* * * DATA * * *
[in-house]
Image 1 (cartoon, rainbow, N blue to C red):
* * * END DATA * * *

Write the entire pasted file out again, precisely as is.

[in-house]
Image 1 (cartoon, rainbow, N blue to C red):